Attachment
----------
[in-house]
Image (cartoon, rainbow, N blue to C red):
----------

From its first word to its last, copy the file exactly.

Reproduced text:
[in-house]
Image (cartoon, rainbow, N blue to C red):